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# Good use of induction!!!

This is related to the Previous note about Induction

Out of the problems stated in the note, $$(a)$$ to $$(d)$$ and $$(f)$$ are standard results, you can use them like identities.

Here's the proof of $$(e)$$ which is slightly different than other ones.

Problem is to prove that $$24 \mid (2\cdot 7^n+3\cdot 5^n -5)$$ ...... $$\forall n\in \mathbb{N}$$

Observe that for $$n=1$$, we have $$2\cdot 7^n+3\cdot 5^n -5 = 14+15-5=24$$. Hence the result is true for $$1$$.

Assume that the result is $$\color{Blue}{TRUE}$$ for $$n=k$$, and we'll prove for $$n=k+1$$

For this, we use a $$\color{Green}{\text{little manipulation}}$$.

Consider the term $$2\cdot 7^{k+1} +3\cdot 5^{k+1} -5$$.

This term is equivalent to $$7(2\cdot7^k +3\cdot 5^k -5) - 6\cdot 5^k +30$$ ...... this is because $$7\times 3 \cdot 5^k - 6\cdot 5^k = (21-6)5^k = 3\cdot 5^{k+1}$$ and this term we want in our proof!!!

Returning to the proof, we have assumed that the result is true for $$n=k$$, hence in the term, i.e.

$$\displaystyle 2\cdot 7^{k+1} +3\cdot 5^{k+1} -5 =7 \underbrace{(2\cdot 7^k +3\cdot 5^k -5)}_{\text{divisible by 24 by assumption}} - 6\cdot 5^k +30$$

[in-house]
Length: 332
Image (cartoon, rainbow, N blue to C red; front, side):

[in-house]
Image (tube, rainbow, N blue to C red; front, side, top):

Thus what only remains to prove is $$-6\cdot 5^k +30$$ is divisible by 24, see that

$$-6\cdot 5^k+30= -6(5^k-5)$$. So the problem has reduced to proving $$24\mid -6(5^k -5)$$ or even simpler, $$4 \mid 5^k-5$$

We know that $5 \equiv 1\pmod{4}\implies 5^k \equiv 1 \pmod{4}$

And $$5^k\equiv 5\equiv 1 \pmod{4} \implies 5^k-5\equiv 1-1\equiv 0 \pmod{4}$$

Hence $$4 | 5^k-5$$ . Hence the other term in the expression is also divisible by 24, thus if the result is $$assumed$$ to be true for $$n=k$$ then we are $$obtaining$$ it to be true for $$n=k+1$$ and for $$n=1$$ we already proved, thus it's true for $$ALL$$ natural numbers.

2 years, 3 months ago

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Good one · 2 years, 1 month ago